Memories, even your most precious ones, fade surprisingly quickly. But I don’t go along with that. The memories I value most, I don’t ever see them fading.
There's something peculiar about writing fiction. It requires an interesting balance between seeing the world as a child and having the wisdom of a middle-aged person. The further you get from childhood and the experience of the teenage years, the greater the danger of losing that wellspring.
People aren't quite sure what it means when a book is a Booker Prize winner. They're not quite sure what is being recommended, what literary values it stands for, because every year it stands for something different.
Even though I spent the first five years of my life in Nagasaki, going to Japan can be really difficult. Even if they know I've been brought up in the West, they still expect me to understand all the subtleties of their culture, and if I get it wrong, it matters much more than if a British person gets it wrong. I find it intimidating.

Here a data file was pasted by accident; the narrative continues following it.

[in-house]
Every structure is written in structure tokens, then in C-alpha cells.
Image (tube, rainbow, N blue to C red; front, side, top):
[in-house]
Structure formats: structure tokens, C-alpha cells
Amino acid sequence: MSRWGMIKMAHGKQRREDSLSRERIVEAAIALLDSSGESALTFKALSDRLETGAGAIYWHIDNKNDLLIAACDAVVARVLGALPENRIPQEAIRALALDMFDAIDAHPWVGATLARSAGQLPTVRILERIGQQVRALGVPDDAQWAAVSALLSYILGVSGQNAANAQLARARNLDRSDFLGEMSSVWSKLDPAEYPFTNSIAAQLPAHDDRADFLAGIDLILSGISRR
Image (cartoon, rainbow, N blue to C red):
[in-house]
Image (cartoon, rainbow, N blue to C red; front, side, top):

Now when I look back to the Guildford of that time, it seems far more exotic to me than Nagasaki.
I don't have a deep link with England like, say, Jonathan Coe or Hanif Kureishi might demonstrate. For me, it is like a mythical place.